* Control Parsing:: Parameters that affect parsing.
@end menu
@defun parse-partial-sexp start limit &optional target-depth stop-before state stop-comment
This function parses a sexp in the current buffer starting at
@var{start}, not scanning past @var{limit}. It stops at position
@var{limit} or when certain criteria described below are met, and sets
point to the location where parsing stops. It returns a value
describing the status of the parse at the point where it stops.
@node Motion via Parsing
@subsection Motion Commands Based on Parsing
If @var{state} is @code{nil}, @var{start} is assumed to be at the top
level of parenthesis structure, such as the beginning of a function
definition. Alternatively, you might wish to resume parsing in the
middle of the structure. To do this, you must provide a @var{state}
argument that describes the initial status of parsing.
This section describes simple point-motion functions that operate
based on parsing expressions.
@cindex parenthesis depth
If the third argument @var{target-depth} is non-@code{nil}, parsing
stops if the depth in parentheses becomes equal to @var{target-depth}.
The depth starts at 0, or at whatever is given in @var{state}.
@defun scan-lists from count depth
This function scans forward @var{count} balanced parenthetical groupings
from position @var{from}. It returns the position where the scan stops.
If @var{count} is negative, the scan moves backwards.
If the fourth argument @var{stop-before} is non-@code{nil}, parsing
stops when it comes to any character that starts a sexp. If
@var{stop-comment} is non-@code{nil}, parsing stops when it comes to the
start of a comment. If @var{stop-comment} is the symbol
@code{syntax-table}, parsing stops after the start of a comment or a
string, or the end of a comment or a string, whichever comes first.
If @var{depth} is nonzero, parenthesis depth counting begins from that
value. The only candidates for stopping are places where the depth in
parentheses becomes zero; @code{scan-lists} counts @var{count} such
places and then stops. Thus, a positive value for @var{depth} means go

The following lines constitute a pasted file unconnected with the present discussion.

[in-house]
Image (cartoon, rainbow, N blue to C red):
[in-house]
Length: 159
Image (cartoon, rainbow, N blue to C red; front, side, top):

out @var{depth} levels of parenthesis.
Scanning ignores comments if @code{parse-sexp-ignore-comments} is
non-@code{nil}.
If the scan reaches the beginning or end of the buffer (or its
accessible portion), and the depth is not zero, an error is signaled.
If the depth is zero but the count is not used up, @code{nil} is
returned.
@end defun
@defun scan-sexps from count
This function scans forward @var{count} sexps from position @var{from}.
It returns the position where the scan stops. If @var{count} is
negative, the scan moves backwards.
Scanning ignores comments if @code{parse-sexp-ignore-comments} is
non-@code{nil}.
If the scan reaches the beginning or end of (the accessible part of) the
buffer while in the middle of a parenthetical grouping, an error is
signaled. If it reaches the beginning or end between groupings but
before count is used up, @code{nil} is returned.
@end defun
@defun forward-comment count
This function moves point forward across @var{count} complete comments
(that is, including the starting delimiter and the terminating
delimiter if any), plus any whitespace encountered on the way. It
moves backward if @var{count} is negative. If it encounters anything
other than a comment or whitespace, it stops, leaving point at the
place where it stopped. This includes (for instance) finding the end
of a comment when moving forward and expecting the beginning of one.
The function also stops immediately after moving over the specified